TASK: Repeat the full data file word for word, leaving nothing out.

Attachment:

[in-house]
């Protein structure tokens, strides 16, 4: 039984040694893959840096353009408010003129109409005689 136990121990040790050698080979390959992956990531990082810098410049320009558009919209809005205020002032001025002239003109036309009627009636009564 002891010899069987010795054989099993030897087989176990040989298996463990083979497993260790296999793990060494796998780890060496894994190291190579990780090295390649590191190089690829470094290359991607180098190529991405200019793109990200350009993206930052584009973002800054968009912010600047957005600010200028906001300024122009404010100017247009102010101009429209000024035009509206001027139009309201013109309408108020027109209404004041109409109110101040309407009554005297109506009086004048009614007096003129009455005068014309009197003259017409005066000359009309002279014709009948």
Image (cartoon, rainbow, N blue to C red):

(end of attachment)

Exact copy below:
[in-house]
């Protein structure tokens, strides 16, 4: 039984040694893959840096353009408010003129109409005689 136990121990040790050698080979390959992956990531990082810098410049320009558009919209809005205020002032001025002239003109036309009627009636009564 002891010899069987010795054989099993030897087989176990040989298996463990083979497993260790296999793990060494796998780890060496894994190291190579990780090295390649590191190089690829470094290359991607180098190529991405200019793109990200350009993206930052584009973002800054968009912010600047957005600010200028906001300024122009404010100017247009102010101009429209000024035009509206001027139009309201013109309408108020027109209404004041109409109110101040309407009554005297109506009086004048009614007096003129009455005068014309009197003259017409005066000359009309002279014709009948």
Image (cartoon, rainbow, N blue to C red):